WASHINGTON (AP) — U.S. factory production in July posted the strongest gain in 4 months, reflecting a surge in production at auto plants that are still wrestling with major supply chain problems.

Buffett's firm ups Kroger stake while trimming drug holdings

OMAHA, Neb. (AP) — Billionaire Warren Buffett's company has again increased the size of its bet on grocery giant Kroger, while scaling back several of its health care industry investments.

Home Depot sales climb again, but DIY frenzy may be cooling

Home Depot's sales continue to surge, though same-store sales appeared to come back to earth after a year in which the home improvement chain outperformed expectations repeatedly.


White House: Taliban agree to allow civilian 'safe passage'

WASHINGTON (AP) — The Taliban have agreed to allow "safe passage" from Afghanistan for civilians hoping to join a U.S.-directed airlift from the capital, President Joe Biden's national security adviser said Tuesday, although a timetable for completing the evacuation of Americans, Afghan allies and possibly other civilians has yet to be worked out with the country's new rulers.

Biden: Afghan chaos 'gut-wrenching' but stands by withdrawal

WASHINGTON (AP) — A defiant President Joe Biden rejected blame for chaotic scenes of Afghans clinging to U.S. military planes in Kabul in a desperate bid to flee their home country after the Taliban's easy victory over an Afghan military that America and NATO allies had spent two decades trying to build.

GOP hits Biden despite divides over Afghanistan withdrawal

WASHINGTON (AP) — When President Joe Biden announced he would stick to his predecessor's plan to withdraw U.S. troops from Afghanistan, Republican reaction was mixed and largely muted. Foreign policy had become so contentious that the party's own leaders had no single position on the end of the nation's longest war.

Billions spent on Afghan army ultimately benefited Taliban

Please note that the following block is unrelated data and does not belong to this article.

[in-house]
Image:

WASHINGTON (AP) — Built and trained at a two-decade cost of $83 billion, Afghan security forces collapsed so quickly and completely — in some cases without a shot fired — that the ultimate beneficiary of the American investment turned out to be the Taliban. They grabbed not only political power but also U.S.-supplied firepower — guns, ammunition, helicopters and more.

AP FACT CHECK: Biden skirts US failures in Afghan mayhem

WASHINGTON (AP) — President Joe Biden ignored his own administration's failures when he tried to explain why desperate civilians in Afghanistan's capital have been left stranded and in danger from the Taliban because of the swift U.S. departure.


Charles, Judds to join Country Music Hall of Fame

NASHVILLE (AP) — R&B legend Ray Charles, who helped redefine country music in the Civil Rights era, and Grammy-winning duo The Judds will be inducted into the Country Music Hall of Fame.


Preds sign goalie Juuse Saros to 4-year, $20M deal

NASHVILLE (AP) — The Nashville Predators have signed goaltender Juuse Saros to a four-year, $20 million contract.


Sapong, Muyl lead Nashville to 5-2 win over DC United

NASHVILLE (AP) — C.J. Sapong and Alex Muyl each scored two goals and Nashville beat D.C. United 5-2 on Sunday night.


Journeyman wide receiver proving a good fit with Titans

NASHVILLE (AP) — Marcus Johnson never doubted how much the Tennessee Titans liked him. Not even when they traded for seven-time Pro Bowl wide receiver Julio Jones.


Sen. Hagerty eyes annual Tennessee economic development tour

NASHVILLE (AP) — U.S. Sen. Bill Hagerty is planning an annual economic development tour of Tennessee to visit with business owners, workers and farmers.


Western states face first federal water cuts

WASHINGTON (AP) — U.S. officials on Monday are expected to declare the first-ever water shortage from a river that serves 40 million people in the West, triggering cuts to some Arizona farmers next year amid a gripping drought.


Tennessee tops 1-month COVID hospitalization high in 2 weeks

NASHVILLE (AP) — Tennessee's top health official said Monday that just halfway through August, the state has already shattered its single-month record for new COVID-19 hospitalizations.

Schumer calls for federal crackdown on fake vaccine cards

NEW YORK (AP) — The Senate's top Democrat says federal law enforcement officials need to crack down on fake COVID-19 vaccination cards being sold online.